Although there are much higher and greater volume waterfalls in Gros Morne Southeast Brook is still worth seeing, especially as it is so easy to access.
Gros Morne Mountain
Returning to the Viking Trail your route takes you along the shore of Bonne Bay East Arm and on your first time in the park you might think you are looking at Gros Morne Mountain when in fact it is a lesser one like Killdevil. However, once you do set eyes on Gros Morne Mountain there is no mistaking that you have found it.
If you were paying attention to the Story in Stone at the Discovery Centre you will know that Gros Morne Mountain is a loner, differing geologically from the other peaks of the Long Range Mountains which are all pre-Cambrian and about one and a half billion years old. Gros Morne Mountain was once actually on the bed of an ancient sea before being thrust upward as an intruder among its fellow mountains. It also differs significantly in the types of species found here. Once you leave the boreal forest and start climbing you are also going north in terms of the environment surrounding you. The top of Gros Morne Mountain is a true arctic environment complete with arctic species like rock ptarmigans, snowshore hares and caribou. So clearly there’s an allure to experiencing this type of environment without having to actually go to the arctic which is both remote and expensive to get to.
Even more alluring for most are the potential views from the top like this one of Ten Mile Pond far, far below.
I had to get this photo from a public domain site because, as you will learn, there is no guarantee that when you get to the top it will be clear. That is one of the potential downsides of climbing Gros Morne Mountain. It may look perfect when starting out as it did in the first photo on the day that Alison and I climbed it a few years ago.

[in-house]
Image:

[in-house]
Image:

So the pros of climbing Gros Morne Mountain are threefold – hiking into an Arctic environment (we did see those rock ptarmigans), unparalleled views from the top and just the satisfaction of having done it. Here are the cons and they must be taken seriously.
- It’s bloody hard. Listed as 16 kms. (10 miles) it is also one of only three trails in Gros Morne that are categorized as black diamonds, which like ski runs, are the most difficult. The other two are much shorter which puts the Gros Morne Mountain Trail in a category of its own in terms of challenge. While the first four kms. (2.5 miles) to the base of the mountain are easy, what comes next is not. The ascent is through a v shaped alluvial valley that gets steeper and steeper so that near the top you are climbing and not hiking. The top is flat, but the descent was for me the worst part. Not only are you legs tired, but much of this part of the trail is through a talus slope which is terrible terrain to hike though. It threatens to sprain your ankle at every step if not worse. Unless you are in extremely good shape, your knees will not thank you on this descent.
- You might not be able to see a bloody thing once you get to the top. This is what awaited Alison and I when we reached the summit. We we wanted to go into an arctic environment and that’s what we got. Actually it got much worse than this pictures shows with driving snow making it almost impossible to see the markers that have been put up to guide you through the featureless flat top. Needless to say we got no pictures from the top. And this was in October on a day that looked perfect starting out.
This post is not meant to scare people from tackling Gros Morne Mountain, but rather to be prepared physically, mentally and with the right equipment. If I was a few years younger I would do it again.
Now that we’ve exhausted ourselves on Gros Morne Mountain it’s time to chill out at a great inn in Rocky Harbour and take a boat ride. We’ll do that in the next post.